AFDW civilian Airman shares his life as an American Indian

  • Published
  • By Bobby Jones
  • 11th Wing Public Affairs
Joint Base Andrews members were educated by a resident Air Force veteran on what it's like to grow up as an American Indian on an Indian reservation during an American Indian Heritage Month celebration at the Community Activity Center here Nov. 30. This year's theme was entitled "Service, Honor and Respect: Strengthening our Cultures and Communities.

Retired Senior Master Sgt. Chuck Ashkii Zhoni Tsinnie, 11th Force Support Squadron marketing illustrator, agreed to speak at the event after the original guest speaker cancelled due to illness.

"I love sharing my culture and my life as a full-blooded Dineh Indian who served this nation," said Tsinnie, an Air Force veteran with 28 years of service.

Tsinnie began his presentation with an authentic drum beat, while singing in his native Dineh tongue. He stopped momentarily to reference the cadence beat of the drum to the human heart.

"The drum beat that I'm performing is like that of the human heart," said Tsinnie. "The drum beat made famous by Hollywood is not authentic. If our hearts were to beat in that cadence I guarantee you that you would be having a heart attack," said Tsinnie jokingly, rendering laughter from the crowd.

Tsinnie, an accomplished artist, silversmith and graphic illustrator, also utilized various handcrafted items created by himself and his daughter to illustrate and educate audience members about the realities of American Indian culture, while dispelling Hollywood myths.

"I know that Hollywood has sold the world that the tent-like homes of American Indians were called Tee Pees. However, they are actually called lodges," he said. "And they could be considered the first mobile homes, because they could be set up in about one hour. And the lodge could be dismantled for travel to a new location in half that time."

While at center stage, Tsinnie chose one of his most cherished items in his possession - an American bald eagle feather attached to the back of his ball cap. Tsinnie then pulled off his ball cap and held the feather upright.

"This is the feather from America's most majestic symbol of freedom, the bald eagle. To many American Indians, it is a very special keepsake. It demands respect. It also represents a native warrior. It is how I send off my special conversations with my creator," said Tsinnie proudly.

Tsinnie later gave Col. Ken Rizer, 11th Wing/Joint Base commander, and Maj. Gen. Gerald Caron, 79th Medical Wing commander, a hands-on look at his own hand-carved bow. Tsinnie, who learned the labor-intensive craft from watching his father, is one of few American Indians in the U.S. that still practices the ancient craft.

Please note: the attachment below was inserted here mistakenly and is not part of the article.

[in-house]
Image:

Tsinnie, is from the Dineh nation, better known as Navaho, is also an experienced public speaker who attributes his knowledge of Native American culture through his studies, family lineage and life experiences on the reservation.

Tsinnie educates people in the National Capital Region about the proud heritage of his people and the struggles they faced through the use of show and tell, films, slides and formal presentations.
His speaking engagements include such venues as the Defense Information School, Fort George G. Meade, Charles County Lions Club, Clinton, Md., and a recent one-day Pow Wow at the University of Maryland College Park Md. on Dec 3.

At the conclusion of the event Rizer thanked Tsinnie for his military service and educating everyone about his native ancestry.

"I am so glad that our own Mr. Chuck Tsinnie was able to share his rich cultural heritage," said Rizer. "Listening to his story had a personal impact on me and clearly highlighted that his 28 years of service to the Air Force was greatly influenced by the values of community and helping others passed down from his family and upbringing on the Navajo Reservation," said Rizer. "We are truly proud to have him as part of our team at the 11th Wing."

After accepting a gift, Tsinnie stepped back and sharply saluted Col. Rizer, who returned the courtesy.

Tsinnie received positive reviews from audience members.

"The feedback that I received tells me that there are many who still want to know the real history. I don't claim to be an authority on my culture or any culture. I just share my own life; my upbringing and my service to this nation and what I have encountered from people I have met. Some good, some bad... but, if I can change only one person's attitude or let them walk away with a genuine respect for the American Indian--that is good."